Shannon Griffin. BMW. October 14th , 2017.
The interior of the all-new BMW X3 follows BMW tradition with its driver-focused and ergonomically optimized cockpit layout and carries over many aspects of the car’s exterior design. For instance, hexagonal forms and precise, sloping edges also play a central role in the interior. The interior as a whole displays exceptional material quality, fit, and finish, with carefully thought ergonomics. One example here is the storage concept, which offers more storage space than ever before and ensures it is easier to access. The all-new BMW X3 comes standard with several new, comfort enhancing features not offered on its predecessor. These include 3-zone automatic climate control, which adds separate temperature controls for the rear compartment to those for the driver and front passenger. To enhance rear compartment comfort, the angle of the standard 40:20:40 split/folding rear seat backrests can be adjusted individually and through various stages thanks to the standard cargo function. This feature also allows the backrests to be released remotely from the load compartment, which expands the standard load capacity of 28.7 ft3 to 62.7 ft3. Newly available convenient functions include front ventilated seats for driver and front passenger to maximize comfort on warm days. Customers can also give the interior a roomier feel with the 9.8-inch longer panoramic glass moonroof.
The all-new 2018 BMW X3 was unveiled at BMW Plant Spartanburg, SC, where it will be produced alongside the BMW X4, BMW X5, and BMW X6. BMW is at home in Spartanburg, SC producing 411,171 BMW X models last year, making it the largest BMW Group‘s global production facility with approximately 70 percent of the vehicles exported to 140 markets worldwide, thereby making BMW the largest vehicle exporter in the U.S. by value. BMW Plant Spartanburg has a deep level of localization, and provides and supports nearly 70,000 jobs in the U.S. In 2003, the BMW X3 was the car that launched the premium compact SAV (Sports Activity Vehicle) segment. Since then, BMW has recorded more than 1.5 million vehicles worldwide and 378,803 in the US alone. Today, the all-new BMW X3 is set to write the next chapter in this success story with a more striking, dynamic design language, powerful yet efficient drive systems with a luxurious appeal. Like all members of the successful X family, it blends standout-driving qualities on any terrain with unrestricted everyday usability.
BMW Motorsport returns to Le Mans with the FIA WEC in 2018. The last time a BMW race car featured on the grid was back in 2011, with the BMW M3 GT2. One year prior to that, the Jeff Koons’ (USA) BMW M3 GT2 Art Car had caught the eye, as it wrote the latest chapter in the story of the BMW Art Car Collection at Le Mans. Among the BMW Art Cars that had started previously at Le Mans were Alexander Calder’s (USA, 1975) BMW 3.0 CSL, the BMW 320i designed by Roy Lichtenstein (USA, 1977) and Andy Warhol’s (USA, 1979) BMW M1. BMW Motorsport‘s greatest sporting hour in Le Mans came in 1999, when Yannick Dalmas (FRA), Joachim Winkelhock (GER) and Pierluigi Martini (ITA) took overall victory in a BMW V12 LMR. The McLaren F1 GTR, powered by a BMW engine, had previously triumphed at the "Circuit de la Sarthe" in 1995. The first time a BMW car started at the 24 Hours of Le Mans was back in 1939, when a BMW 328 claimed a class victory after 236 laps of racing. After 1972, BMW cars regularly lined up at the endurance classic.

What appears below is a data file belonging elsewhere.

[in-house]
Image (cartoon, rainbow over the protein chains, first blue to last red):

Just 6.9 seconds is enough to see the new BMW i3s burst past 100 km/h (62 mph) on its way to a top speed of 160 km/h (99 mph). It returns a combined electric power consumption of 14.3 kWh per 100 kilometres on the NEDC cycle. Its electric range runs to 280 kilometres (174 miles) based on the NEDC cycle, 235 to 245 kilometres (146 to 152 miles) as per WLTP and up to 200 kilometres (124 miles) in everyday use. A 28 kW/38 hp two-cylinder range extender petrol engine is available as an option for both the new BMW i3 and the new BMW i3s. The engine drives a generator that produces power as required while driving to maintain a constant level of charge in the high-voltage battery. This extends the car‘s overall range in everyday use by 150 kilometres (93 miles), increasing it from around 180 kilometres (112 miles) to a maximum of 330 kilometres (205 miles). The all-electric range of the new BMW i3 with range extender is 225 to 235 kilometres (140 - 146 miles) as per NEDC and 190 to 200 kilometres (118 - 124 miles) as per WLTP. The corresponding figures for the new BMW i3s with range extender come in at 220 kilometres (137 miles) on the NEDC and 185 to 195 kilometres (115 to 121 miles) on the WLTP cycle.
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